Computing, You Have Blood on Your Hands!

How did the technology that we considered “cool” just a decade ago become an assault weapon used to hurt, traumatize, and even kill vulnerable people?

CACM Senior Editor Moshe Y. Vardi

“Sticks and stones may break my bones, but words will never hurt me,” goes an old children’s rhyme. That rhyme’s end must now be revised to “and words can hurt me too.” Consider hate speech. Elon Musk became the owner and CEO of Twitter (now X) in 2022. His stated intention was to turn “the de facto public town square” into a place for unfettered free speech. Social media experts worried that without content moderation Twitter would allow for the proliferation of hate speech. Within three months of taking over the platform, Musk tweeted, “Twitter’s strong commitment to content moderation remains absolutely unchanged.” That same day, Musk fired, via email, most of Twitter’s trust and safety staff, the team responsible for keeping content that violates the company’s policies off the platform. Evidence is now accumulating that the worries were not unfounded, and hate speech has now surged on Twitter. The problem, however, is much bigger than Twitter. Hate speech is prevalent on the Internet, and hate speech has consequences.

The Rohingya conflict is an ongoing conflict in the northern part of Myanmar, characterized by sectarian violence between the Rohingya Muslim and Rakhine Buddhist communities and a military crackdown on Rohingya civilians by Myanmar’s security forces. The conflict has led to mass migration of Rohingya people from Myanmar, starting in 2015, and several massacres of Rohingya people by the Myanmar Army and armed locals in 2017. In 2022, Amnesty International accused Facebook’s parent company Meta of having “substantially contributed” to human rights violations perpetrated against Myanmar’s Rohingya people.a undefinedAmnesty claimed that Facebook’s algorithms “proactively amplified” anti-Rohingya content. It also alleged that Meta ignored pleas from civilians and activists to curb hate mongering on the social media platform while profiting from increased engagement.

Another crisis, of a different nature, is brewing in the U.S.—the youth mental health crisis. In 2021, the U.S. Surgeon General issued an advisory report titled Protecting Youth Mental Health.b undefined“The challenges today’s generation of young people face are unprecedented and uniquely hard to navigate”, wrote the Surgeon General, adding, “the effect these challenges have had on their mental health is devastating.” Several factors may have contributed to this crisis, notably the COVID-19 pandemic, but the crisis preceded the pandemic. The U.S. Center for Disease Control reported that in 2019, the suicide rate among children aged 10-14 nearly tripled from 2007 to 2017. I gasped when I read that.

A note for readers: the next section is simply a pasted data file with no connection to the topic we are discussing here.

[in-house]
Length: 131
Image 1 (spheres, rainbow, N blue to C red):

Apple introduced the iPhone at the end of June 2007 and Facebook introduced its iPhone app in July 2008. Coincidence? “When not deployed responsibly and safely,” wrote the Surgeon General, technology tools “can pit us against each other, reinforce negative behaviors like bullying and exclusion, and undermine the safe and supportive environments young people need and deserve.”

In the fall of 2021, whistleblower Frances Haugen released a massive set of Facebook internal documents to Congress and news outlets around the world. The documents revealed that Facebook was well aware of the adverse societal impacts of its technology. Direct quotes from the documents include:

  • “We make body image issues worse for one in three teen girls.”

  • “We are not actually doing what we say we do publicly.”

  • “Misinformation, toxicity and violent content are inordinately prevalent among reshares.”

  • “An unfortunate side effect is that harmful and misinformative content can go viral, often before we can catch it and mitigate its effects.”

It is no wonder that dozens of U.S. states are now suing Meta, accusing it of contributing to the youth mental health crisis.

How did we get here? How did the technology that just a decade ago we considered “cool” end up becoming an assault weapon used to hurt, traumatize, and even kill vulnerable people? Looking back at my past columns, one can see the forewarnings. Our obsession with efficiency came at the expense of resilience.c In the name of efficiency, we aimed at eliminating all friction.d In the name of efficiency, it became desirable to move fast and break things.e In the name of efficiency, we allowed the technology industry to become dominated by a very small number of mega corporations.f

It is time for all computing professionals to accept responsibility for the current state of computing. To use Star Wars metaphors, we once considered computing as the “Rebels,” but it turns out that computing is the “Empire.” Admitting that we have a problem is a necessary first step towards addressing the problems that computing has created.

See “Myanmar: The social atrocity: Meta and the right to remedy for the Rohingya,” Amnesty International, Sept. 2022; https://bit.ly/46iaEaH.
See “Protecting Youth Mental Health,” U.S. Surgeon General, 2021; https://bit.ly/3N7QERp.
See “Efficiency vs. Resilience: What COVID-19 Teaches Computing,” Communications of the ACM, May 2020; https://bit.ly/3ufWZU9.
See “Fricative Computing,” Communications of the ACM, May 2020; https://bit.ly/3MKyWTP.
See “Move Fast and Break Things,” Communications of the ACM, May 2013; https://bit.ly/46f8S9Z.
See “The People vs. Tech,” Communications of the ACM, Mar. 2012; https://bit.ly/47eIBdh


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